Chris Corry of the Washington Policy Center points out that it allows citizens to access the details with all proposals, reports, and backup documentation
Washington Policy Center
One of the setbacks to government accountability this session came from SB 5082, a bill that repealed advisory votes. Advisory votes were non-binding but provided insight into how Washington State citizens felt about bills that increased their taxes.
The bill to repeal advisory votes did include requirements for the state to create and maintain a website that provides current information to Washington citizens, including:
- Summaries of recently adopted budgets
- Graphs of budget expenditures by area over the biennium
- Comparison of state and local spending with personal income over the past 20 years
- Analysis of bills raising taxes or fees that have passed the legislature
The information is summary in nature but helpful in seeing how Olympia is spending your tax dollars.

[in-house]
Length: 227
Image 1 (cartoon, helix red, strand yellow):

The summary of budget information is broken down by operating, capital, and transportation. It allows you to access the details with all proposals, reports, and backup documentation.
Functional areas of government spending include how much was budgeted and the total outlook of fund spending for the biennium.
Linking to a separate site, the website provides information year over year on how much state and local spend per $1,000 of personal income. Currently, Washington ranks 31st in the nation. The data goes back 20 years.
Lastly, the website provides information on all bills that passed the legislature that increased taxes or fees on Washingtonians. The detail helps see how Olympia is raising taxes on individual legislation. Find a bill you want and select cost analysis to see the projected detail.
You can find the website here.
Chris Corry is the director of the Center for Government Reform at the Washington Policy Center. He is also a member of the Washington State House of Representatives.
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